Canada: Soventix to develop up to 140 MW across six sites


The province of Alberta, in Canada's west, is emerging as be fertile territory for solar developers. The home of the country's polluting oil sands industry, the province is switching to renewables under the provincial government's new clean energy targets.

Alberta's first government to be led by the New Democratic Party (NDP) has set a renewable target of 30% to be achieved by 2030. As a part of this process it is rolling out a competitive procurement process known as the Renewable Electricity Program (REP).

The first round will see 400 MW of large scale renewables added to Alberta's grids.

Soventix is looking to transfer its experience in developing projects in Ontario to Alberta and says that has been expanding its operations in the province. Soventix says that it has been screening potential sites.

By the time the REP was announced, in November 2016, Soventix reports that it had secured land at the six sites in preparation for the REP bidding process.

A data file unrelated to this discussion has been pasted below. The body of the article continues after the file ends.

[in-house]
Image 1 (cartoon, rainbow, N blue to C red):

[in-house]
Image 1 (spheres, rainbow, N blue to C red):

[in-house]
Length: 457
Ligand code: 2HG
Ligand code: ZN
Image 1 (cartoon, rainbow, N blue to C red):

“We are excited about the projects we are developing in Alberta and look forward to bringing these projects into operation under Alberta’s new initiative to incentivize the procurement of new renewable energy generation”, says Michael Kendon, Managing Director, Soventix Canada, in a statement.

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In 2016, Soventix delivered 11 projects under Ontario's feed-in tariff program, in partnership with SolarShare, a renewables co-operative investment fund.

In December, developer EDF EN Canada received approval from the Alberta Utilities Commission to build a 77.5 MW plant in Alberta – which would be the province's first utility scale solar array.

The Albertan government is also looking to procure 50% of its electricity needs from solar.

“The Canadian market has potential and the necessary foundations for appropriate participation in growth have been laid,” said Soventix Managing Director Claas Fierlings. “We are planning to expand our activities to enable our investors to participate in the attractive prospects of the Canadian solar market.”

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